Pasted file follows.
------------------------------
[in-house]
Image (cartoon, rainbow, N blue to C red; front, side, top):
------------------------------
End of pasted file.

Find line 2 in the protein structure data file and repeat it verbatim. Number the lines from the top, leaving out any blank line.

Image (cartoon, rainbow, N blue to C red; front, side, top):